Chelsea captain John Terry has been banned for four games and fined £220,000 after being found guilty of racially abusing QPR defender Anton Ferdinand by the FA.
Terry was acquitted of abusing Ferdinand by Westminster Magistrates` Court in July, but the FA`s disciplinary committee announced that the 31-year-old was guilty of abusing Ferdinand on the balance of probabilities, rather than beyond reasonable doubt.
The offence took place at Loftus Road in October 2011, when Terry and Ferdinand became involved in an on-pitch altercation during QPR`s 1-0 win over Chelsea.
The Blues star announced his retirement from international football with England on the eve of his FA hearing after stating that the governing body had made his position within the side untenable by pursuing the case against him.
Terry will have 14 days after receipt of the written reasons for the decision to launch an appeal, and the penalty is suspended until after the appeal should the Chelsea captain decide to do so.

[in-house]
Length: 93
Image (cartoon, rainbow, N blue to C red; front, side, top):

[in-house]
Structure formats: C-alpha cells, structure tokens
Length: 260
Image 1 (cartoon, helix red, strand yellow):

The decision means that Terry will be free to represent the club in their London derby against Arsenal at the weekend, and for up to two weeks afterwards if he does appeal.
Terry`s management company have released a statement, saying that: "Mr. Terry is disappointed that the FA Regulatory Commission has reached a different conclusion to the clear not guilty verdict of a court of law.
"He has asked for the detailed written reasons of the decision and will consider them carefully before deciding whether to lodge an appeal."
Terry is the second Premier League player in under a year to receive a ban and fine after being found guilty of racism following Luis Suarez`s eight-game sanction and £40,000 fine for abusing Manchester United defender Patrice Evra.
Chelsea released a statement that affirmed their respect for the FA ruling, and also for Terry`s right to appeal, and therefore said that it was inappropriate to make any further comment.
We have sought a report from IOA on Sarita's case. Let them give a detailed report and we will take further steps.